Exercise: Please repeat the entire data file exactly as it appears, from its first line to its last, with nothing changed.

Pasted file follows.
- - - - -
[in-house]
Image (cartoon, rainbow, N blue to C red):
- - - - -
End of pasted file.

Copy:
[in-house]
Image (cartoon, rainbow, N blue to C red):